- When should I enroll in an International Baccalaureate program? While the DP and CP programs technically don’t begin until a student’s junior year, IB students start taking prep courses as soon as they enter high school. Because of this, the application process typically begins in 8th grade, about a year before a student starts their freshman year. Specific dates and deadlines vary between programs, so students and their families should check with counselors and their intended IB program for details.
- Are there International Baccalaureate programs near me? Maybe! Every state has at least one IB program. Check this directory to find the IB program nearest you.
- Is there any cost involved in International Baccalaureate? It does not cost anything to become an IB student. However, the IB assessment tests, which can lead to college credit with a passing score, do have fees ranging from $10 to $170. Learn more about registration fees and subject fees at the International Baccalaureate website.
How International Baccalaureate Helps for College
The IB emphasizes personal student development as one of its main achievements, and it’s true that IB provides an enriching high school experience. But prospective IB students who are looking ahead toward post-secondary education should be pleased to know that IB graduates also benefit from being extremely well-prepared for college in a number of different ways. Below are just a handful of the academic perks of enrolling in an IB program.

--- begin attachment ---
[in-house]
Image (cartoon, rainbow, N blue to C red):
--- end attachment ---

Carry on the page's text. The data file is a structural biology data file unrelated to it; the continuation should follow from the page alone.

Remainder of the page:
Colleges love it
Colleges always like to see prospective students challenge themselves, and those who risk their GPAs in order to take a more rigorous course of study stand out more than students with excellent GPAs who took a lighter course load.
Taste college-level work
IB students take college-level courses in high school, which helps them make a smooth transition into higher education. Studies have found that IB students are more likely to attend college and feel more prepared to succeed and excel in their studies than students who do not participate in IB.
Get global recognition
Since IB is an international program, colleges around the world recognize IB students and understand the program’s rigor and benefits. Students who are interested in attending college outside the U.S. may have an easier time getting accepted into international schools with an IB diploma. IB also offers a global alumni network, which allows students to connect with other IB graduates around the world.
Earn college credit in high school
College courses are expensive and time-consuming, so the ability to earn credit while in high school can be extremely valuable.
Get into top-ranked universities
According to the International Baccalaureate Programme, graduates are more likely to enroll in some of the highest-ranking schools around the world.
Gain career-related skills